sat 18/05/2024

DVD: Philomena | reviews, news & interviews

DVD: Philomena

DVD: Philomena

Poignant real-life saga of lost child lit up by Judi Dench

Odd couple: Judi Dench as Philomena Lee and Martin Sixsmith as Martin Sixsmith

The big screen is no country for old women. The exception who proves the rule over and over again is of course Judi Dench. Of no actress is it more frequently said that you’d happily listen to her reading out the phone book.

Her most recent masterclass in the tiny brushstrokes of screen acting is in Philomena, adapted from Martin Sixsmith’s book about helping an Irish woman to find the son she bore out of wedlock in 1952. Dench is very largely the reason it’s worth making an appointment to view.

She plays Philomena Lee, a devout old woman with love and sadness in her heart leavened by a pleasing penchant for dirty talk. She is escorted on her journey by Steve Coogan as Sixsmith, the disgraced spin doctor who turns to human-interest journalism out of curiosity but also desperation. Coogan adapted the book with Jeff Pope, and is never of course short of a funny line. He also has a short crescendo of righteous wrath towards the climax, but the script is more eager to charm through an odd-couple romance than to arouse passions or pierce the heart. However often director Stephen Frears aims the camera at Dench’s storytelling eyes in all their translucence, the result is a film which feels disinclined to mine the true horrors of the nuns’ institutional cruelty to so-called fallen women, while Sixsmith’s redemptive journey from professional doldrums to anti-Catholic crusader feels trumped up for our pleasure.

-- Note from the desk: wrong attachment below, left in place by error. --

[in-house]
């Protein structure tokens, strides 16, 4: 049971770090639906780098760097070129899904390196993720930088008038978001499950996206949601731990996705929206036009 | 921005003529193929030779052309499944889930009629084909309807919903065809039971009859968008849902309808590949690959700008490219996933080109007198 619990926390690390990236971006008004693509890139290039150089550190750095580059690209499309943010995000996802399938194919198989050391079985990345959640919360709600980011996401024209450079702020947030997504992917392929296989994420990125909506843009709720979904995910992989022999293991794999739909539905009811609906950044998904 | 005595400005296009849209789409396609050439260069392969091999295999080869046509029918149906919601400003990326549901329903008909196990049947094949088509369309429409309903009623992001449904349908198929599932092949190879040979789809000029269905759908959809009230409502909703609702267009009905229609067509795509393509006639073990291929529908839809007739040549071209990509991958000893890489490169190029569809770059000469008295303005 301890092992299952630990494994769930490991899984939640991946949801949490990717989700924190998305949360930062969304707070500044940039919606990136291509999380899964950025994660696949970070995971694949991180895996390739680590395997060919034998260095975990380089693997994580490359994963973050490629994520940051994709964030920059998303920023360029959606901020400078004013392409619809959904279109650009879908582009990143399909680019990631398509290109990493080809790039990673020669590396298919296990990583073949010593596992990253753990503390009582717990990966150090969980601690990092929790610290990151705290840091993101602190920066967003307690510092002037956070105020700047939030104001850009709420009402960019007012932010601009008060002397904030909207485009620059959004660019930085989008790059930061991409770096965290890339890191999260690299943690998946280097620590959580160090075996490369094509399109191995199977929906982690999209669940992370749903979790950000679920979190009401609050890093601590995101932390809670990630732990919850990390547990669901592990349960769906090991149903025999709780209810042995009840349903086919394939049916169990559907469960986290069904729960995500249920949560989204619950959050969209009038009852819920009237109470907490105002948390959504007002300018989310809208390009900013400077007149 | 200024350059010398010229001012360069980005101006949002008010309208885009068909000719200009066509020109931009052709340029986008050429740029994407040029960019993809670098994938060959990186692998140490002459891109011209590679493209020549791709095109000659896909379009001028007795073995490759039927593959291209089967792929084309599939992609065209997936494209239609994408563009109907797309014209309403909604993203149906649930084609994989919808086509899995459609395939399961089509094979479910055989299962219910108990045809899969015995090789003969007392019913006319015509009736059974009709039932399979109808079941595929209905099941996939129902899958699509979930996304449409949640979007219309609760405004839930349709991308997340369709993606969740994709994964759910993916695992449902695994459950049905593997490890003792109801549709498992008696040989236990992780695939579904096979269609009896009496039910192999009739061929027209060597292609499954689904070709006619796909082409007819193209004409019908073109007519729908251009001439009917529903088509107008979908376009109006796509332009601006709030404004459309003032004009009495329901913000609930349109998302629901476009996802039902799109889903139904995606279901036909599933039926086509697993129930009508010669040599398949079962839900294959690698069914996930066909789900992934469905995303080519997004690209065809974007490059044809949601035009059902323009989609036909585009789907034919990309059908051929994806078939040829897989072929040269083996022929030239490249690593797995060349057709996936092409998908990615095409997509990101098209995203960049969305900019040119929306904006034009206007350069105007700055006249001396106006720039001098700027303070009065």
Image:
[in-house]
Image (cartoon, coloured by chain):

The only extra is a making-of feature including contributions from the real Philomena Lee and her daughter (played in the film by Anna Maxwell Martin). As for Dench, “She’s like a diamond,” says Frears. “All we’re doing is polishing.”

The result is a film which feels disinclined to mine the true horrors of the nuns’ institutional cruelty


Editor Rating: 
Average: 3 (1 vote)

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